“One week before Thanksgiving Day, I’m going to spend a night sleeping on the street. No supportive mattress, no warm blankets, and every chance of snow or sleet or wind… sounds nuts, right?
“Not nearly as much as this: 1.6 million kids spend their nights without a home, without knowing where to get their next meal, without knowing during the day if they’ll be alone again that night – or worse. And more than 50,000 of them will turn to Covenant House for help this year.
This was a real wake-up call. (you can read more about it and support Peter at “Covenant House Sleep-Out“).
Friday night Audrey Galex invited Beth and I over to her house for Shabbat dinner with family and friends before taking us with them to Congregation Bet Haverim for Kol Nidre services (the picture accompanying this post is of Audrey’s interfaith mash-up, a “Last-Supper menorah”!). Dinner was great fun, and the service was the most beautiful religious service I think I’ve ever experienced. The atmosphere, the music – the music! – the communal recitations…truly, it was all wonderful. (Though come to think of it…I believe I said exactly the same about this service last year!) I was particularly moved by the Ashamnu (“we have been guilty…we have betrayed….etc.”), a theme which repeated again and again through the service. And of course I entered the fast.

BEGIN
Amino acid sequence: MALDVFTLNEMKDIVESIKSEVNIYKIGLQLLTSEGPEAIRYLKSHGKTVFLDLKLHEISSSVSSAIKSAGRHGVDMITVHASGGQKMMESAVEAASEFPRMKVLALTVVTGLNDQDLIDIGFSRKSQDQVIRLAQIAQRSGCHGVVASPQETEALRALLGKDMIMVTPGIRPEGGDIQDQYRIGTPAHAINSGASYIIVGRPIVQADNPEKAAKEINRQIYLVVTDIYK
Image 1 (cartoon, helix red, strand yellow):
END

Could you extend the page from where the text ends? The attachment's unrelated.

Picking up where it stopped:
Services at Temple Sinai began at 10:00 on Saturday morning, but this year I limited my attendance to the afternoon and evening services, so I did not arrive at synagogue till 4:00. (I suspect this is part of the reason I felt a difference from last year, when I was at synagogue pretty much all day.) My fast felt unproductive – but experience warns me against judging this too harshly. I know my own conscious experience of spiritual practice is often illusory and I find later that real work was happening subconsciously. Either way, I saw old friends at the synagogue – including Rabbi Phil Krantz, who it was delightful to hug – and I experienced another beautiful, deep and moving service. Since it was a Saturday evening, the day ended with a delightful dual celebration that combined songs and fast-breaking to welcome in the New Year with the havdalah candle and songs bringing Shabbat to an end. Some of this was light and celebratory, some deep, but all was beautiful and moving. I especially enjoyed a repeated refrain towards the end, “A year of love, a year of peace, a year of hope, may joy increase”.
But I felt a lack of resolution and was left with deep questions.